How the U.S. Is Turning Into a Banana Republic

Last Updated May 17, 2011 6:03 PM EDT

One casualty of Washington's focus on cutting federal spending is America's roads, bridges and mass-transit systems. As a result, our infrastructure is falling behind that of other nations, according to a new study by the Urban Land Institute:
The United States notably continues to lag its global competition -- laboring without a national infrastructure plan, lacking political consensus, and contending with severe federal, state, and local budget deficits that limit options....

Plans for transformational networks -- regional high-speed passenger rail, a new electric grid tied to energy-saving technologies, and state-of-the-art satellite air traffic control systems to replace obsolete radar stations -- will probably get delayed, pared back or shelved.

Other countries are taking the opposite tack -- and not just the buoyant emerging economies. For instance, the U.K. plans to invest $326 billion over the next five years on rail, renewable energy and broadband projects even as it moves to slash government spending. It remains to be seen exactly how the Brits will pay for all this, of course. But at least there's a commitment to the kind of large-scale national development that creates jobs and lays the groundwork for future growth.

Unsurprisingly, China blows everyone else away in terms of infrastructure spending. Its latest five-year plan earmarks $1 trillion for rail, water supply, electricity and highway construction. Key projects include completing the largest high-speed rail network in the world; creating a nationwide tolled highway system; expanding urban transit systems; modernizing harbor port terminals; and building new airports.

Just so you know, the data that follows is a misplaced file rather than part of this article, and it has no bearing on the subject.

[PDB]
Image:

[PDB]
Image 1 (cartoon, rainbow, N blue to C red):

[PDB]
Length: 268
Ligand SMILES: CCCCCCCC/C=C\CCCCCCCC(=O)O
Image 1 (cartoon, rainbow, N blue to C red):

A mission for business
Why is the U.S. standing still (which when it comes to crumbling infrastructure means going backward)? People don't want to pay for it, either through higher taxes or fees. Congress refuses to raise the federal gasoline tax, notes the Institute, a Washington think tank. That levy has stayed at 18.4 cents a gallon since 1993.

Lawmakers also prevent states from adding tolls on interstate highways, which could generate revenue to build mass-transit alternatives and repair existing infrastructure.

One surprise in all this -- why isn't American business more alarmed by the country's decay? Deteriorating roads, mounting congestion and other problems resulting from outdated infrastructure raises operating costs and reduces productivity. Says the Institute:

A short-term focus on immediate shareholder returns and lowering corporate tax burdens apparently takes precedence over ensuring the country has adequate transport systems, energy networks and logistics facilities for businesses to compete effectively in the decades to come. At some point, more companies may realize that participating in rebuilding efforts and developing new systems could be a tremendous economic driver and profits generator.
Business leaders have taken a lot of grief in recent years. What better way to regain the public trust -- and do right by their companies and shareholders -- than to lead the push for America to renew itself?

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    Alain Sherter covers business and economic affairs for CBSNews.com.